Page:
The reference pattern is defined as the average pattern of the first "n" bits of every message for each channel. Hence the reference pattern is unique to the channel being decoded. By apply the detection algorithm of a certain channel first on the filtered data, the signals defining the bit for that channel are extracted.
For a window width of 180 electrical degrees and a sampling interval of five (5) electrical degrees of the 60 Hz beyond the fixed phase delay, for the first "n" bits of the message on a channel the following sampled data are obtained and stored: ##EQU4##
Since after filtering the signal is oscillatory, any of such series sj1, sj2, ... sj35, sj36 can have positive or negative values.
If the first "n" bits for pattern determination are all "1" or "0", then the averaging process is straightforward. However, there is always a mix of bit "1" and "0". The method of the present invention uses the following process:
i. Assume the first bit to be the initial reference bit. Hence s11, s12,... , s36 define the reference pattern.
ii. The first refinement of the reference pattern is by taking the average of the first and second patterns. Since the two bits can be different, we compute the following numbers: ##EQU5##
Then form the sums ##EQU6##
If S'r greater than S"r, then s'r.1, s'r.2. ..s'r.36 is the new reference pattern.
If S'r is less than S"r then s"r.1, s"r.2. . . S"r.36 is the new reference pattern.
iii. The next refinement is obtain by repeating the process as described in step ii. to the previously refined reference pattern and the pattern of third bit. The process is repeated until all "n" patterns are used.
iiii. The final reference pattern is obtained by dividing each member of the pattern by "n" to normalize the reference pattern.
iiiii. The final pattern for the channel can be described by the following vector expression:
[srf]=[ srf.1, srf2, . . ., srf.35, srf.36 ]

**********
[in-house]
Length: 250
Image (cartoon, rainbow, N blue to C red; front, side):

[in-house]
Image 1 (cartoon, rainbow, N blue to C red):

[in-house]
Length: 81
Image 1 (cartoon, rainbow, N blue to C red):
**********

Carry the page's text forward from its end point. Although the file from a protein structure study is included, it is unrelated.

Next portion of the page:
This pattern can be arbitrarily defined to represent bit "1" or bit "0".
The detection of k-th bit is performed as follows:
i. The reference vector is added and subtracted from the k-th bit pattern to form two new patterns as shown below. ##EQU7## ii. The following summations are performed. ##EQU8##
If S'k is greater than S"k, then the k-th bit is bit "1" and the value S'k is stored.
If S'k is less than S"k, then the k-th bit is bit "0" and the value S"k is stored. The stored value of S' or S" is the signal strength of the k-th bit.
iii. This process is used to detect all "N" bits of the inbound message including the first "n" bits that are used to determine the reference pattern. The result of the decoding may result in an inverted bit pattern. If this happens then an inversion algorithm is applied by changing all bit "1"s into "0"s and vice versa.
The erasure filling technique of the present invention can only be used if a capability is provided to detect bad bits in a message and a criterion exists to determine whether a message is correct or not.
The "message correctness" criterion used is that the message has to pass the CRC-16 error detection algorithm. If a message does not pass the CRC-16 error detection algorithm, then the message is assumed to contain one or more contaminated bits.
In order to understand the meaning of contaminated or "bad" bit, assume that the i-th member of the reference vector is equal to +10.0. The reference vector is also assumed to be statistically a good representative of the actual signal. This is especially true if "n" is made large enough. The k-th bit that has to be decoded shows a strength of -2.0 for its i-th member. Following the procedure outlined above for bit detection and message decoding:
If the vector consists of only one member, then this bit will be decoded as bit "0" since S"k is greater than S'k with a signal strength of 12.0.
This result may not be correct. The possible cases are:
i. The true signal is 10.0, but a noise hit of -12.0 is superimposed to give a net result of [10.0-12.0]=-2.0
ii. The true signal is -10.0 but a noise hit of +8.0 is superimposed to give a net result of [-10.0+8.0]=-2.0
If there is no noise contamination and the true bit has a strength of -10.0 for its pattern member, then:
and the bit would have been decoded as bit "0" because S"k is greater than S'k.
If there is no noise contamination and the true bit has a strength of +10.0 for its pattern member, then:
and the bit would have been decoded as bit "1" because S'k is greater than S"k.
If the noise is additive with respect to the signal or in other words the noise has the same polarity as the signal, then the bit is always decoded correctly. However s'k.1 or s"k.1 will be much larger than 20 in the numerical examples used above.
If the noise is small then all the bits should have signal strengths of [20.0+dj ] where dj is small with respect to 20.0.
Hence, if a series of "N" bits belonging to an inbound message does not pass CRC-16, the likelihood that a particular bit is decoded incorrectly will be the one that has the lowest signal strength in the series. The algorithm to apply is:
i. If the message does not pass the CRC-6 error detection algorithm, determine the bit which has the lowest signal strength.
ii. If the bit was decoded as bit "0", change it into bit "1". If the bit was decoded as bit "1", change it into bit "0".